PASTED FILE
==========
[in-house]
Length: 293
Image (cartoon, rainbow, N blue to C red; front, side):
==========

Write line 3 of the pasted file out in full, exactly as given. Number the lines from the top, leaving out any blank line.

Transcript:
Image (cartoon, rainbow, N blue to C red; front, side):